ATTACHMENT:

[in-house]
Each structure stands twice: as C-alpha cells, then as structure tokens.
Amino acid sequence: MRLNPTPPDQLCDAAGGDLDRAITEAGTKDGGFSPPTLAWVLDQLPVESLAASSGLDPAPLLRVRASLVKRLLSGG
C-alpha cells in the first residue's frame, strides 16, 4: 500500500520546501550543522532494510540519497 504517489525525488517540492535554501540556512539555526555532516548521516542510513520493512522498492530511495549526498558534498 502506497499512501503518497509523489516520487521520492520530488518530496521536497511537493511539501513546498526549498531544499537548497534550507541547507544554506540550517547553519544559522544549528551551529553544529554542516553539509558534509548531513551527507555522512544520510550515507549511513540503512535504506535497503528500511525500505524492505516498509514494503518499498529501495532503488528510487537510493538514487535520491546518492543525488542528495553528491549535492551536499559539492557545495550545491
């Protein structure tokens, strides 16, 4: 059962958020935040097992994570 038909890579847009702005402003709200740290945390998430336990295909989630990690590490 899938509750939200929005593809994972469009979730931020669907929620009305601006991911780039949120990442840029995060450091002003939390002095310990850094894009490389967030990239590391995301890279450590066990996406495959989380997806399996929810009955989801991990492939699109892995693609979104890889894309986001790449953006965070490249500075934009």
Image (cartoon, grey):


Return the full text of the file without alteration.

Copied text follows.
[in-house]
Each structure stands twice: as C-alpha cells, then as structure tokens.
Amino acid sequence: MRLNPTPPDQLCDAAGGDLDRAITEAGTKDGGFSPPTLAWVLDQLPVESLAASSGLDPAPLLRVRASLVKRLLSGG
C-alpha cells in the first residue's frame, strides 16, 4: 500500500520546501550543522532494510540519497 504517489525525488517540492535554501540556512539555526555532516548521516542510513520493512522498492530511495549526498558534498 502506497499512501503518497509523489516520487521520492520530488518530496521536497511537493511539501513546498526549498531544499537548497534550507541547507544554506540550517547553519544559522544549528551551529553544529554542516553539509558534509548531513551527507555522512544520510550515507549511513540503512535504506535497503528500511525500505524492505516498509514494503518499498529501495532503488528510487537510493538514487535520491546518492543525488542528495553528491549535492551536499559539492557545495550545491
């Protein structure tokens, strides 16, 4: 059962958020935040097992994570 038909890579847009702005402003709200740290945390998430336990295909989630990690590490 899938509750939200929005593809994972469009979730931020669907929620009305601006991911780039949120990442840029995060450091002003939390002095310990850094894009490389967030990239590391995301890279450590066990996406495959989380997806399996929810009955989801991990492939699109892995693609979104890889894309986001790449953006965070490249500075934009």
Image (cartoon, grey):